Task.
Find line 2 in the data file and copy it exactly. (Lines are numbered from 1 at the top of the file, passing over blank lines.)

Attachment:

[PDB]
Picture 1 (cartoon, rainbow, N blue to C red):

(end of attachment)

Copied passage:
Picture 1 (cartoon, rainbow, N blue to C red):